Dr. Joseph P. Farrell
January 18, 2017
Today’s blog is, unusually, about a short article, almost totally bereft of any information to blog about, that was shared by Mr. V.T. Right off the bat, I have to mention a caveat here: I don’t know of any attention to this story elsewhere except the source of the article, the U.K.’s Daily Mail. Usually on a story like this, especially when I have blogged previously on the assassination of the Russian Ambassador to Turkey, Mr. Andrei Karlov, and its occurrence in a context of other suspicious activity including Mr. Obama’s “retaliation” remarks about Russia, the death of the NATO auditor general, M. Yves Chandellon, I would receive several versions of this story from readers.
And there’s one other caveat that I must mention, but that I must mention after linking the article, for it forms part of my high octane speculation:
Now, if you read this article closely, I suspect a few glaring contradictions became immediately apparent:
1) The article states that initial examination of Mr. Malanin’s body and apartment showed no signs of foul play or forced entry. In other words, he died of as yet unknown “natural causes.”
2) Yet, earlier in the article we’re told that police homicide investigators were investigating.
But wait a minute… the article also notes that Mr. Malanin’s apartment was located in a building owned by the Russian embassy. Now, this may not exactly make it sovereign Russian territory, but it does raise the prospect that Russia under normal circumstances might not be too keen on allowing the Greek police homicide investigators access to the apartment, much less allow Greek coroners access to their diplomat’s body. This isn’t exactly a “contradiction”, but it’s at the very least a curiosity.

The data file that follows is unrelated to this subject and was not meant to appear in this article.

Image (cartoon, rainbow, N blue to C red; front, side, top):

The contradiction of course is in the statements that there’s no evidence of foul play, and yet that homicide investigators are involved. While I know nothing of Greek law, it may be the case that the death of any foreign official or leader on Greek territory may require such a response, and I wouldn’t be at all surprised that it did. So how is this a contradiction? Here’s where that “one other caveat” comes in, because a search on RT‘s website turned up no stories, announcements, or even short obituary notice on the death of the consular official, Mr. Andrei Malanin. Nothing. Nadda. Nichts.
One would expect something, even if only a short announcement of Mr. Malanin’s death followed by a bland statement that it is being investigated by Greek officials, perhaps in conjunction with Russian authorities, the usual boilerplate.
So my high octane speculation of the day is…
Continue Reading At: GizaDeathStar.com
About Joseph P. Farrell
Joseph P. Farrell has a doctorate in patristics from the University of Oxford, and pursues research in physics, alternative history and science, and “strange stuff”. His book The Giza DeathStar, for which the Giza Community is named, was published in the spring of 2002, and was his first venture into “alternative history and science”.